A new study conducted at the St. Vincent’s University Hospital states that weight loss can actually help boost middle-aged, pre-diabetic obese males low testosterone levels by 50 percent.
“Doctors should first encourage overweight men with low testosterone levels to try to lose weight through diet and exercise before resorting to testosterone therapy to raise their hormone levels,” said study co-author Professor Frances Hayes.
The US study involves the participation of 900 men around the age of 54 all with pre-diabetes, also called impaired glucose tolerance, who had participated in the Diabetes Prevention Program. The study showed that these people at high risk of Type 2 diabetes could delay or avoid developing the disease through weight loss.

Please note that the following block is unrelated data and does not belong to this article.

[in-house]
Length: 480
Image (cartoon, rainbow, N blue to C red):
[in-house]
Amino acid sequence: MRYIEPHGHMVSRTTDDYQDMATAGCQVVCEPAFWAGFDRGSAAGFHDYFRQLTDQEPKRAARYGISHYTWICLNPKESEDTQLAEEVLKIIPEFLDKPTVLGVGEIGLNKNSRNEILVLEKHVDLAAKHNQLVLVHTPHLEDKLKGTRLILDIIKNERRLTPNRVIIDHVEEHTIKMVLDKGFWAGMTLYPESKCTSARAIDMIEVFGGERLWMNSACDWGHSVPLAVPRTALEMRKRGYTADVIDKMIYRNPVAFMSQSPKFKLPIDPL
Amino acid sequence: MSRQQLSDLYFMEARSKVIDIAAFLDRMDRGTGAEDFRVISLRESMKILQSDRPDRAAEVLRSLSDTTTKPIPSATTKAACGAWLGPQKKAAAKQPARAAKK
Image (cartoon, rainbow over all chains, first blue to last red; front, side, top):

Due to the fact that overweight men are more likely to experience low testosterone levels, Hayes and her colleagues studied the effect of weight loss on men’s testosterone levels.
“The results showed that low testosterone levels are common in overweight men with pre-diabetes.” Hayes said. At the beginning of the study, nearly one in four men had low testosterone levels.
With lifestyle modification, the prevalence of low testosterone levels decreased from about 20 percent to 11 percent after one year, a 46 percent decrease, the authors reported. The prevalence of low testosterone was unchanged in the metformin group (24.8 versus 23.8 percent) and the placebo group (25.6 versus 24.6 percent).
Men in the lifestyle modification group lost an average of about 17 pounds over the one-year study, according to the abstract. The increase in testosterone levels in that group correlated with decreasing body weight and waist size.
“Losing weight not only reduces the risk of prediabetic men progressing to diabetes but also appears to increase their body’s production of testosterone,” Hayes said.